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IRS; Know these Facts Before Deducting a Charitable Donation

posted Mar 22, 2017, 10:25 PM by Zaher Fallahi

If taxpayers gave cash or non-cash goods to a charity in 2016, they may take a deduction on their federal tax return. Taxpayers can use the Interactive Tax Assistant tool, Can I Deduct my Charitable Contributions?, to help determine if their charitable contributions are deductible.

 

Here are six important facts to know about charitable donations:

 

1- Qualified Charities

Taxpayers must donate to an IRS approved charity. Gifts to individuals, political organizations or candidates are not deductible. To find out the status of a charity, use the IRS Select Check tool. 

 

2- Itemize Deductions

To deduct charitable donations, taxpayers must file Form 1040 and itemize deductions on Schedule A, Itemized Deductions, with a federal tax return.

 

3- Benefit in Return

If taxpayers get something in return for their donation, they may have to reduce the value of their deduction. Taxpayers can only deduct the amount that exceeds the fair market value of the benefit received. Examples of benefits include merchandise, meals, event tickets or other goods and services. 

 

4- Type of Donation

If taxpayers give non-cash property instead of cash, their deduction amount is normally limited to the item’s fair market value. Fair market value is generally the price they would get if the property sold on the market. If they donate used clothing and household items, those items must be in good condition or better. Special rules apply to cars, boats and other types of property donations.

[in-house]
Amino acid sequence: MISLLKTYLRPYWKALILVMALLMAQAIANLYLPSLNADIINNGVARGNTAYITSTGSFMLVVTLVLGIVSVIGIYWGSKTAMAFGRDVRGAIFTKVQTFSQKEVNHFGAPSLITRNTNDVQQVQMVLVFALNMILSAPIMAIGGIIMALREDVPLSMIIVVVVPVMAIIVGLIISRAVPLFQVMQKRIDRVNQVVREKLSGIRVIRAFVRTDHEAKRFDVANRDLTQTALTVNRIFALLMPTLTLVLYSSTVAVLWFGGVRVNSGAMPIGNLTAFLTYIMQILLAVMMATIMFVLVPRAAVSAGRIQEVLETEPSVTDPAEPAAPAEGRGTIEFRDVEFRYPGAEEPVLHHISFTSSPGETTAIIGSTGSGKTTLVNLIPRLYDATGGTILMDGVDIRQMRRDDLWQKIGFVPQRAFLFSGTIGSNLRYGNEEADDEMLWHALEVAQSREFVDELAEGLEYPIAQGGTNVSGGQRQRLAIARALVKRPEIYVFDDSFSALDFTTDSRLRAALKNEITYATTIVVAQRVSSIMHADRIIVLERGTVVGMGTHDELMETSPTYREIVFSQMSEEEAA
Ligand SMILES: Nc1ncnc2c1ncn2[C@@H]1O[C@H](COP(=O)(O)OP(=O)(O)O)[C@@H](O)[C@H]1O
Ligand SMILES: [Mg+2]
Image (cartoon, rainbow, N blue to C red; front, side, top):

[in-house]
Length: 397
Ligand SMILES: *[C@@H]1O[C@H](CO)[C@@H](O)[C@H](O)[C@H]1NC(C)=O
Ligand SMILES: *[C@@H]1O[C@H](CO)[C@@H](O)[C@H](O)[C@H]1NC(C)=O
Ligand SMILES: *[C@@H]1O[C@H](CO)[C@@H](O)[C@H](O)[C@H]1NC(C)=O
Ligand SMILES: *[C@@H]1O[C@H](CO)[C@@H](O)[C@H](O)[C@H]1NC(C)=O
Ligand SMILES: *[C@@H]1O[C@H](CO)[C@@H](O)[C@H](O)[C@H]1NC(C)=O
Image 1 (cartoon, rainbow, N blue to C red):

5- Noncash Charitable Donations

File Form 8283, to claim Noncash Charitable Contributions, if all noncash gifts are in excess of $500 for the year. Complete section-A for noncash property contributions worth $5,000 or less. Complete section-B for noncash property contributions more than $5,000 and include a qualified appraisal to the return.

Taxpayers may be able to prepare and e-file their tax return for free using IRS Free File. The type of records they must keep depends on the value and type of their contribution. To learn more about what records to keep, see Publication 526, Charitable Contributions. 

 

6- Donations of $250 or More

If taxpayers donated cash or non-cash goods of $250 or more, they must have a contemporaneous written statement from the charity. It must show the amount of the donation and a description of any property donated. It must also say whether they received any goods or services in exchange for the gift.

 

Taxpayers should keep a copy of their tax return

Beginning in 2017, taxpayers using a software product for the first time may need their Adjusted Gross Income (AGI) amount from their prior-year tax return to verify their identity. Taxpayers can learn more about how to verify their identity and electronically sign tax returns at Validating Your Electronically Filed Tax Return.

 

Zaher Fallahi, CPA, Tax attorney, advises taxpayers including Americans-living abroad, with their taxes, IRS representation, foreign accounts (FBAR, FATCA, OVDP, foreign trusts). Telephones (310) 719-1040 (Los Angeles), (714) 546-4272 (Orange County), or e-mail totaxattorney@zfcpa.com

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